131
3.1
Unintentional (Nonmalicious) Programming Oversights
133
Buffer Overflow
Incomplete Mediation
Time-of-Check to Time-of-Use
Undocumented Access Point
Off-by-One Error
Integer Overflow
134
152
155
157
159
160
Contents
3.2
3.3
Chapter 4
ix
Unterminated Null-Terminated String
Parameter Length, Type, and Number
Unsafe Utility Program
Race Condition
161
162
162
163
Malicious Code—Malware
166
Malware—Viruses, Trojan Horses, and Worms
Technical Details: Malicious Code
167
176
Countermeasures
196
Countermeasures for Users
Countermeasures for Developers
Countermeasure Specifically for Security
Countermeasures that Don’t Work
197
203
216
224
Conclusion
Exercises
229
229
The Web—User Side
232
4.1
4.2
4.3
4.4
4.5
4.6
Browser Attacks
234
Browser Attack Types
How Browser Attacks Succeed: Failed Identification
and Authentication
234
Web Attacks Targeting Users
245
False or Misleading Content
Malicious Web Content
Protecting Against Malicious Web Pages
246
253
259
Obtaining User or Website Data
260
Code Within Data
Website Data: A User’s Problem, Too
Foiling Data Attacks
261
265
266
240
Email Attacks
267
Fake Email
Fake Email Messages as Spam
Fake (Inaccurate) Email Header Data
Phishing
Protecting Against Email Attacks
267
267
273
274
275
Conclusion
Exercises
277
278
x
Contents
Chapter 5
Operating Systems
280
5.1
Security in Operating Systems
280
Background: Operating System Structure
Security Features of Ordinary Operating Systems
A Bit of History
Protected Objects
Operating System Tools to Implement Security Functions
281
282
284
286
292
Security in the Design of Operating Systems
308
Simplicity of Design
Layered Design
Kernelized Design
Reference Monitor
Correctness and Completeness
Secure Design Principles
Trusted Systems
Trusted System Functions
The Results of Trusted Systems Research
309
309
312
313
314
315
316
319
325
5.2
5.3
5.4
5.5
Chapter 6
Rootkit
329
Phone Rootkit
Rootkit Evades Detection
Rootkit Operates Unchecked
Sony XCP Rootkit
TDSS Rootkits
Other Rootkits
329
330
334
335
336
338
Conclusion
Exercises
338
339
Networks
341
6.1
Network Concepts
342
Background: Network Transmission Media
Background: Protocol Layers
Background: Addressing and Routing
343
349
350
Part I—War on Networks: Network Security Attacks
6.2
Threats to Network Communications
Interception: Eavesdropping and Wiretapping
Modification, Fabrication: Data Corruption
Interruption: Loss of Service
Port Scanning
Vulnerability Summary
353
354
354
361
366
369
374
Contents
6.3
6.4
6.5
Wireless Network Security
374
WiFi Background
Vulnerabilities in Wireless Networks
Failed Countermeasure: WEP (Wired Equivalent Privacy)
Stronger Protocol Suite: WPA (WiFi Protected Access)
374
381
388
390
Denial of Service
396
Example: Massive Estonian Web Failure
How Service Is Denied
Flooding Attacks in Detail
Network Flooding Caused by Malicious Code
Network Flooding by Resource Exhaustion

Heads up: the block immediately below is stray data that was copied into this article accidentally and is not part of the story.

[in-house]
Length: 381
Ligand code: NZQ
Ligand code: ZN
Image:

Denial of Service by Addressing Failures
Traffic Redirection
DNS Attacks
Exploiting Known Vulnerabilities
Physical Disconnection
396
398
402
403
407
408
413
414
419
420
Distributed Denial-of-Service
421
Scripted Denial-of-Service Attacks
Bots
Botnets
Malicious Autonomous Mobile Agents
Autonomous Mobile Protective Agents
423
426
426
430
430
Part II—Strategic Defenses: Security Countermeasures
6.6
Cryptography in Network Security
6.7
xi
432
432
Network Encryption
Browser Encryption
Onion Routing
IP Security Protocol Suite (IPsec)
Virtual Private Networks
System Architecture
433
437
443
444
447
450
Firewalls
451
What Is a Firewall?
Design of Firewalls
Types of Firewalls
Personal Firewalls
Comparison of Firewall Types
Example Firewall Configurations
Network Address Translation (NAT)
Data Loss Prevention
452
453
454
465
467
467
472
473
xii
Contents
6.8
6.9
6.10
6.11
Chapter 7
Intrusion Detection and Prevention Systems
474
Types of IDSs
Other Intrusion Detection Technology
Intrusion Prevention Systems
Intrusion Response
Goals for Intrusion Detection Systems
IDS Strengths and Limitations
476
481
482
483
486
488
Network Management
489
Management to Ensure Service
Security Information and Event Management (SIEM)
489
492
Conclusion
Exercises
496
496
Databases
501
7.1
Introduction to Databases
502
Concept of a Database
Components of Databases
Advantages of Using Databases
502
502
506
Security Requirements of Databases
507
Integrity of the Database
Element Integrity
Auditability
Access Control
User Authentication
Availability
Integrity/Confidentiality/Availability
507
508
510
511
512
512
512
Reliability and Integrity
513
Protection Features from the Operating System
Two-Phase Update
Redundancy/Internal Consistency
Recovery
Concurrency/Consistency
513
514
516
516
517
Database Disclosure
518
Sensitive Data
Types of Disclosures
Preventing Disclosure: Data Suppression and Modification
Security Versus Precision
518
519
529
530
7.2
7.3
7.4
Contents
7.5
7.6
Chapter 8
Data Mining and Big Data
535
Data Mining
Big Data
536
540
Conclusion
Exercises
549
549
Cloud Computing